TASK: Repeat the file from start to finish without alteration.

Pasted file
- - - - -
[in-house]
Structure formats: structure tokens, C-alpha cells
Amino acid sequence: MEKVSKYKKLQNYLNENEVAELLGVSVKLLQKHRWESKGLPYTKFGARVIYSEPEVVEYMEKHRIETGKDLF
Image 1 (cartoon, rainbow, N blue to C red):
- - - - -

[in-house]
Structure formats: structure tokens, C-alpha cells
Amino acid sequence: MEKVSKYKKLQNYLNENEVAELLGVSVKLLQKHRWESKGLPYTKFGARVIYSEPEVVEYMEKHRIETGKDLF
Image 1 (cartoon, rainbow, N blue to C red):